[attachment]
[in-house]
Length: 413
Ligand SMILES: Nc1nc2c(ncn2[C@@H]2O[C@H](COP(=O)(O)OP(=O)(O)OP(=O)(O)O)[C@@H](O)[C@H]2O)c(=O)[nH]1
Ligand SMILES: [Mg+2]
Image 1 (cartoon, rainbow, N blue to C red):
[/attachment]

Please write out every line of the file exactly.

[in-house]
Length: 413
Ligand SMILES: Nc1nc2c(ncn2[C@@H]2O[C@H](COP(=O)(O)OP(=O)(O)OP(=O)(O)O)[C@@H](O)[C@H]2O)c(=O)[nH]1
Ligand SMILES: [Mg+2]
Image 1 (cartoon, rainbow, N blue to C red):